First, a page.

It has been reported that agents of Philadelphia subterfuge are in Chicago. According to the rumor, Phillies scouts are examining two White Sox relievers, J.J. Putz and Bobby Jenks.
It’s good to see that the Phillies, having witnessed the rash of injuries to their late-inning relievers (Lidge, Romero, Madson) in recent months (and the maddening inconsistency of Danys Baez and David Herndon) are taking steps to rectify the situation. I’d even say that the White Sox, now seven games under .500 after being expected to contend for the division title, are in a position to cut payroll and throw in the towel on the season. The Sox also have a surfeit of effective relief pitching. As such, they’d be a perfect trading partner to the Phillies, a team trying to find a solution to its most dangerous weakness.
But Jenks and Putz aren’t the White Sox relievers the Phillies ought to be looking at.
Because he’s not a closer and he pitches in a different league and a different time zone, I’d wager that many of you have never heard of Matt Thornton. But if he’s not the best reliever in the game, he’s in the conversation.
Thornton is a 6-foot-6, 34-year-old lefty who finished last year second among relief pitchers in WAR, behind only Jonathan Broxton. This season, he’s struck out 26 batters and issued only two unintentional walks in 17 IP. Over the past three seasons, batters swing and miss at his pitches in the strike zone almost 20% more often than the average pitcher. He throws hard (his fastball averages about 96 mph), gets ground balls, misses bats, and doesn’t walk batters. Worried about him being a lefty-only guy? His career platoon splits are negligible. There is literally nothing more you could ask of a reliever than what Thornton has delivered to the White Sox this season.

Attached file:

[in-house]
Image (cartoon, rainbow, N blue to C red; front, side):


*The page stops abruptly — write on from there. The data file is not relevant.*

Are Putz and Jenks serviceable relievers? Certainly. Putz is having a good season, and has had even better in recent years (last year’s meltdown with the Mets notwithstanding). Jenks is the co-owner of the record for most consecutive batters retired, has a blistering fastball, and has been generally solid since taking over the closer’s role for Chicago in 2005. But both are flawed. Putz did melt down last year, and Jenks, in addition to always having had control problems, has seen his strikeouts drop and his home runs go up.
Are Putz and Jenks as good as anything the Phillies have? Sure. But Thornton’s better than either. The Phillies have traded for quality pitching often and wisely over the past three seasons, but they have paid dearly for Lidge, Blanton, Lee, and Halladay in both money and in young talent. If they trade for some combination of Jenks, Putz, and Thornton, they will pay dearly again from an increasingly thin pool of bargaining chips. So if you’re going to give up what few prospects you have left, it makes sense to get the best. And the best is Matt Thornton.